I

Now, this, to my notion, is pleasant cheer,
To lie all alone on a ragged heath,
Where your nose isn't sniffing for bones or beer,
But a peat-fire smells like a garden beneath.
The cottagers bustle about the door,
And the girl at the window ties her strings.
She's a dish for a man who's a mind to be poor;
Lord! women are such expensive things.

II

We don't marry beggars, says she: why, no:
It seems that to make 'em is what you do;
And as I can cook, and scour, and sew,
I needn't pay half my victuals for you.
A man for himself should be able to scratch,
But tickling's a luxury:- love, indeed!
Love burns as long as the lucifer match,
Wedlock's the candle! Now, that's my creed.

III

The church-bells sound water-like over the wheat;
And up the long path troop pair after pair.
The man's well-brushed, and the woman looks neat:
It's man and woman everywhere!
Unless, like me, you lie here flat,
With a donkey for friend, you must have a wife:
She pulls out your hair, but she brushes your hat.
Appearances make the best half of life.

IV

You nice little madam! you know you're nice.
I remember hearing a parson say
You're a plateful of vanity pepper'd with vice;
You chap at the gate thinks t' other way.
On his waistcoat you read both his head and his heart:
There's a whole week's wages there figured in gold!
Yes! when you turn round you may well give a start:
It's fun to a fellow who's getting old.

V

Now, that's a good craft, weaving waistcoats and flowers,
And selling of ribbons, and scenting of lard:
It gives you a house to get in from the showers,
And food when your appetite jockeys you hard.
You live a respectable man; but I ask
If it's worth the trouble? You use your tools,
And spend your time, and what's your task?
Why, to make a slide for a couple of fools.

VI

You can't match the colour o' these heath mounds,
Nor better that peat-fire's agreeable smell.
I'm clothed-like with natural sights and sounds;
To myself I'm in tune: I hope you're as well.
You jolly old cot! though you don't own coal:
It's a generous pot that's boiled with peat.
Let the Lord Mayor o' London roast oxen whole:
His smoke, at least, don't smell so sweet.

VII

I'm not a low Radical, hating the laws,
Who'd the aristocracy rebuke.
I talk o' the Lord Mayor o' London because
I once was on intimate terms with his cook.
I served him a turn, and got pensioned on scraps,
And, Lord, Sir! didn't I envy his place,
Till Death knock'd him down with the softest of taps,
And I knew what was meant by a tallowy face!

VIII

On the contrary, I'm Conservative quite;
There's beggars in Scripture 'mongst Gentiles and Jews:
It's nonsense, trying to set things right,
For if people will give, why, who'll refuse?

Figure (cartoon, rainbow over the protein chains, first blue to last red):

That stopping old custom wakes my spleen:
The poor and the rich both in giving agree:
Your tight-fisted shopman's the Radical mean:
There's nothing in common 'twixt him and me.

IX

He says I'm no use! but I won't reply.
You're lucky not being of use to him!
On week-days he's playing at Spider and Fly,
And on Sundays he sings about Cherubim!
Nailing shillings to counters is his chief work:
He nods now and then at the name on his door:
But judge of us two, at a bow and a smirk,
I think I'm his match: and I'm honest-that's more.

X

No use! well, I mayn't be. You ring a pig's snout,
And then call the animal glutton! Now, he,
Mr. Shopman, he's nought but a pipe and a spout
Who won't let the goods o' this world pass free.
This blazing blue weather all round the brown crop,
He can't enjoy! all but cash he hates.
He's only a snail that crawls under his shop;
Though he has got the ear o' the magistrates.

XI

Now, giving and taking's a proper exchange,
Like question and answer: you're both content.
But buying and selling seems always strange;
You're hostile, and that's the thing that's meant.
It's man against man-you're almost brutes;
There's here no thanks, and there's there no pride.
If Charity's Christian, don't blame my pursuits,
I carry a touchstone by which you're tried.

XII

- 'Take it,' says she, 'it's all I've got':
I remember a girl in London streets:
She stood by a coffee-stall, nice and hot,
My belly was like a lamb that bleats.
Says I to myself, as her shilling I seized,
You haven't a character here, my dear!
But for making a rascal like me so pleased,
I'll give you one, in a better sphere!

XIII

And that's where it is-she made me feel
I was a rascal: but people who scorn,
And tell a poor patch-breech he isn't genteel,
Why, they make him kick up-and he treads on a corn.
It isn't liking, it's curst ill-luck,
Drives half of us into the begging-trade:
If for taking to water you praise a duck,
For taking to beer why a man upbraid?

XIV

The sermon's over: they're out of the porch,
And it's time for me to move a leg;
But in general people who come from church,
And have called themselves sinners, hate chaps to beg.
I'll wager they'll all of 'em dine to-day!
I was easy half a minute ago.
If that isn't pig that's baking away,
May I perish!-we're never contented-heigho!

More verses by George Meredith

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